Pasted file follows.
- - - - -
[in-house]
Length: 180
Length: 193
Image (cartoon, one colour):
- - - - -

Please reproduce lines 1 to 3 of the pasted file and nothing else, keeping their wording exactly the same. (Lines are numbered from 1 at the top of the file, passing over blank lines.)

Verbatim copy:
[in-house]
Length: 180
Length: 193